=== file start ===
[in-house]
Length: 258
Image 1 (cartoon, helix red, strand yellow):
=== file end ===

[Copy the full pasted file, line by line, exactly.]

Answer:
[in-house]
Length: 258
Image 1 (cartoon, helix red, strand yellow):